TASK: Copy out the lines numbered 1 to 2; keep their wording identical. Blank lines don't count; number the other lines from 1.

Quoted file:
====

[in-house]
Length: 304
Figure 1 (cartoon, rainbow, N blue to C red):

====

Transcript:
[in-house]
Length: 304